The death of the first North Adams native to be killed in combat since the Vietnam War saddened and united the residents of north county. The overwhelming turnout of residents to welcome home U.S. Army Spc. Michael DeMarsico II and to support his family during his funeral not only touched his platoon mates, who visited the city in mid-December, but also have made it one of the most memorable stories of 2012.
Among the other headlines drawing attention this year were the need to relocate the remaining tenants of the Spruces Mobile Home Park in Williamstown, which sparked a still on-going debate over whether or not the Lowery property should be considered by the town as a viable option. The opening of the newly renovated Hoosac Valley Middle and High School in Cheshire was also a prominent story of 2012.
Outpouring of support
From a vigil in his honor to a massive gathering outside of the First Baptist Church for his funeral, county residents turned out to support Spc. Michael DeMarsico's family as threats of a protest emerged from one of the country's most controversial religious groups.
DeMarsico, 20, was killed Aug. 16 in Panjaw'l, Afghanistan after being wounded by an enemy improvised explosive device. He was assigned to the 1st Battalion, 23rd Infantry Regiment, 3rd Stryker Brigade Combat Team out of Joint Base Lewis-McChord, Wash.
A 2010 graduate of Drury High School, he enlisted in the Army after graduation and was deployed to Afghanistan in February. Family and friends said joining the military had been a goal of his since childhood.
Thousands of individuals lined the streets, from Greenfield to North Adams, to pay their respects to DeMarsico as a motorcade carrying his body, brought him home. Local, state and federal officials, including Gov. Deval Patrick, Lt. Gov. Timothy Murray, U.S. Sens. John Kerry and Scott Brown and U.S. Rep. John W. Olver, turned out for his wake and funeral.
On Veteran's Day, the Mayor Richard J. Alcombright honored DeMarsico during the city's annual ceremony at the Veterans Memorial Park, following the first annual "Up Front for DeMar 5k Run and Walk," which raised $4,115 for scholarship in his name. The event drew 125 runners and 35 walkers.
A need for a new home
A little over a year after waters from Tropical Storm Irene swelled the Hoosic River and flooded the Spruces Mobile Home Park, destroying a majority of the homes in the tight-knit community, town officials announced they were seeking a roughly $6.25 million Federal Emergency Management Agency (FEMA) Hazard Mitigation grant to purchase and demolish the remaining park and relocate current residents to new permanent replacement housing.
At a Nov. 16 meeting, Williamstown Town Manager Peter Fohlin identified the 30-acre Lowry property, off of Stratton Road, as an alternative site for the some 66 residents who have re-inhabited their homes since the storm. The plan, he said, would call for the town to purchase the Spruces and demolish the remaining structures. The 114-acre site would then be set aside for agriculture, recreation, sports fields and conservation.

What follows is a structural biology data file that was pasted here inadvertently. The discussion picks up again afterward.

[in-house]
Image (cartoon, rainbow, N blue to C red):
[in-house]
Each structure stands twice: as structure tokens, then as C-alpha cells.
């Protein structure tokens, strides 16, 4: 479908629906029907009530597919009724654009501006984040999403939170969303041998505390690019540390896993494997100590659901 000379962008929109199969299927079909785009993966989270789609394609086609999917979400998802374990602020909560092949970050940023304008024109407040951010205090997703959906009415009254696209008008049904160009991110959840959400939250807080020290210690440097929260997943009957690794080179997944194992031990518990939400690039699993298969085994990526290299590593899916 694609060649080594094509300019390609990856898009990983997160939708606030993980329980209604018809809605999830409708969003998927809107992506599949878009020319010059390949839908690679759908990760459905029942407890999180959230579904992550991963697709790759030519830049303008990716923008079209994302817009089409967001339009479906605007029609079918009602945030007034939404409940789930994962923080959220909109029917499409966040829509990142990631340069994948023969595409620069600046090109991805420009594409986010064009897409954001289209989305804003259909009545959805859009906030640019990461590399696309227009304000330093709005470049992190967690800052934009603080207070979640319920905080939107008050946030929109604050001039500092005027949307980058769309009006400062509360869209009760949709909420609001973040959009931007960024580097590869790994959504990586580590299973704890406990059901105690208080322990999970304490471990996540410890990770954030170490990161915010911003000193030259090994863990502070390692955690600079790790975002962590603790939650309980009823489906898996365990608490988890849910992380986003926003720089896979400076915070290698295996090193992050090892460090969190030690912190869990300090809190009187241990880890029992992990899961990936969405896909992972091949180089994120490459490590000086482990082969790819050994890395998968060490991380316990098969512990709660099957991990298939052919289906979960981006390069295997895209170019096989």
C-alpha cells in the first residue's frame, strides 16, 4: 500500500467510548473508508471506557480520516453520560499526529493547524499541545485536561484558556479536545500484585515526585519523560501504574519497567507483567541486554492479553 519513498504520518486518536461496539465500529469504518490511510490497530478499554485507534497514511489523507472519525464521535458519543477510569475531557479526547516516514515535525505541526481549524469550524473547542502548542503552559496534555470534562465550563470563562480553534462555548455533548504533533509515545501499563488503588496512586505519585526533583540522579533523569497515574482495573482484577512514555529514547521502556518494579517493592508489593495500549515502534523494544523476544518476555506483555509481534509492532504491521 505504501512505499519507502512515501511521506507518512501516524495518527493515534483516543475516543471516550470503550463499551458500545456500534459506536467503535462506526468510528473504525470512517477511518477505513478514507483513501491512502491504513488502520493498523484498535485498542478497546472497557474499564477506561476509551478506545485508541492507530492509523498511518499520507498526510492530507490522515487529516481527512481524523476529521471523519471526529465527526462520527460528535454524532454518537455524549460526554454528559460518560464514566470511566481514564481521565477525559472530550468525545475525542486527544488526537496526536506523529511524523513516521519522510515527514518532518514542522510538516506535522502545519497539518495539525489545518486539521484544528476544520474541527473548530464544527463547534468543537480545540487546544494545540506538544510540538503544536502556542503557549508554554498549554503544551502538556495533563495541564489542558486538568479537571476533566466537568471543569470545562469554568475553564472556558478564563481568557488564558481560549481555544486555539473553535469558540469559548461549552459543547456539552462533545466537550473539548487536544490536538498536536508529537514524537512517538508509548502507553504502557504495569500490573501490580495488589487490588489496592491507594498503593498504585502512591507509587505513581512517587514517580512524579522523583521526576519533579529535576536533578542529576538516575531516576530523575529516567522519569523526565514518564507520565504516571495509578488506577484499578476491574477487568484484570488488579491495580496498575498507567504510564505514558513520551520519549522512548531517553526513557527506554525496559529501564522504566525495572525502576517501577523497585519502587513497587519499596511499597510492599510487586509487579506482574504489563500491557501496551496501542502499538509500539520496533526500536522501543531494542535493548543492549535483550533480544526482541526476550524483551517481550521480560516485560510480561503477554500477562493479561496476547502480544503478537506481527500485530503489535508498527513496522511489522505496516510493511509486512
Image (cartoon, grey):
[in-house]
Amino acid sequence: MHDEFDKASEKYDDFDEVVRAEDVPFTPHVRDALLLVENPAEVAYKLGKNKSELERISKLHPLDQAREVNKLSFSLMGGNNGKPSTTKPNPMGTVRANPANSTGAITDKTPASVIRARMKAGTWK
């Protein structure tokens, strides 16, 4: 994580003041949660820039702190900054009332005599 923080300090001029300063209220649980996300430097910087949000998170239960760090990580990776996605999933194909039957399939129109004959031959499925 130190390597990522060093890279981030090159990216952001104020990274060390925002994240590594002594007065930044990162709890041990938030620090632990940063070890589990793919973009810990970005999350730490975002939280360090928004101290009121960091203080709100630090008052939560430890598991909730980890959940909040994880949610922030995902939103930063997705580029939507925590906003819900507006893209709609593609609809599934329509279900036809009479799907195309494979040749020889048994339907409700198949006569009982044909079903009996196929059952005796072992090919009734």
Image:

The idea of removing conservation restrictions from the Lowry property didn't sit well with some town residents, who have organized as the Friends of Williamstown Conservation Lands, aimed at offering an alternative voice for town residents. Since the formation of the group, town officials have expressed the need to relocate the remaining residents of the park, which once had 225 units.
Public Works Director Timothy Kaiser recently explained to the town's Affordable Housing Committee that regardless of whether or not the FEMA grant is awarded, that the Spruces property is not feasible for housing. He said the damage done by Tropical Storm Irene was only small in comparison to what a 100-year storm would cause. The 114-acre site is in a 100-year flood plane.
The town is proposing to build 40 units on about a third of the 30.6 acre Lowry property, leaving about 12 acres of open land and eight acres of wooded area.
A new era begins for the Adams-Cheshire Regional School District
After a year-long $40 million renovation of the 40-year-old Hoosac Valley Middle & High School, the Adams-Cheshire Regional School District opened the newly refurbished building, complete with an addition, at the start of the academic year in September. The building, which now houses middle and high school students, offers a new modern design, including an atrium, as well as new technology -- from computer and science labs down to motion-activated water fountains.
In addition to a new building, the school also welcomed a new principal, Vinnie Regan. Former principal and current assistant principal Henry Duval, was joined by Brook Kamienski, as another assistant principal.
The completion of the project also brought about the retirement of Superintendent Alfred Skrocki, who had refrained from leaving the district until the building opened. Upon his retirement at the end of October, former C.T. Plunkett Elementary Principal Kristin Gordon stepped into the role of superintendent.